What is Ethereum Classic? Ethereum vs Ethereum Classic

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If you have been involved with cryptocurrency, then there is no way that you don’t have an opinion on this. The battle between Ethereum and Ethereum Classic is both an ethical and ideological one. Before we start explaining the basic difference between the two and drawing our own conclusions, it is important for us to know a little bit of history.

A lot of things needed to happen for us to arrive in this conjecture. So, let’s dial back the clocks and check out some of the most critical points in not just Ethereum history, but cryptocurrency in general.

 

What is Ethereum Classic? Ethereum vs Ethereum Classic

The Formation of The DAO

The entire ecosystem of Ethereum works on the basis of smart contracts. For the uninitiated, smart contracts are basically how things get done in the Ethereum eco-system. To put it in layman terms, smart contracts are automated contracts that enforce and facilitate the terms of the contract itself.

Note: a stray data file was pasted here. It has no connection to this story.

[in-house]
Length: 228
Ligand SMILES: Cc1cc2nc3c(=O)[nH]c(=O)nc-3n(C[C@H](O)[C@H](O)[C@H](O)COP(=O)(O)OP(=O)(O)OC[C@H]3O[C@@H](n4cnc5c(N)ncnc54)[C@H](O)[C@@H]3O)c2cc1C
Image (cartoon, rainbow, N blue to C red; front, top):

The DAO aka the Decentralized Autonomous Organization was a complex smart contract which was going to revolutionize Ethereum forever. It was basically going to be a decentralized venture capital fund which was going to fund all future DAPPS made in the eco-system.

The way it worked was pretty straightforward. If you wanted to have any say in the direction DAPPS that would get funded, then you would have to buy “DAO Tokens” for a certain amount of Ether. The DAO tokens were indicators that you are now officially part of the DAO system.

So, how were DAPPS going to get approved and built? Well, firstly they need to get whitelisted by the curators, who have basically known figureheads in the Ethereum world. After getting their stamp of approval, they will get voted on by the DAO token holders. If the proposal gets a 20% approval in the vote, then they will get the required funds to get started.

The potential of the DAO and the flexibility, control and complete transparency that it offered was unprecedented; people leaped in to get their share of the pie. Within 28 days of its formation, it accumulated over $150 million worth of ether in a crowdsale. At that time, it had 14% of all ether tokens issued to date.

You might be wondering, that’s all good but how does one go out of the DAO? What if some DAPP gets approved that you are not a huge fan of, how do you opt out of the DAO then? To enable this, an exit door was created called the “Split Function.” Using this function, you would get back the ether you have invested and, if you so desired, you could even create your own “Child DAO.” In fact, you could split off with multiple DAO token holders and create your own Child DAO and start accepting proposals.